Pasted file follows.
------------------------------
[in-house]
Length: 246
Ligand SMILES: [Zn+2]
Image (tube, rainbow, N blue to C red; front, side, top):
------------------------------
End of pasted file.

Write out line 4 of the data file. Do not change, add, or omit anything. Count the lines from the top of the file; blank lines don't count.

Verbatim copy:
Image (tube, rainbow, N blue to C red; front, side, top):